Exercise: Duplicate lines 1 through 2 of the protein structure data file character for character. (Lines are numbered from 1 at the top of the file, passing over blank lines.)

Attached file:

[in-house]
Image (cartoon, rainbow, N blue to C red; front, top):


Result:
[in-house]
Image (cartoon, rainbow, N blue to C red; front, top):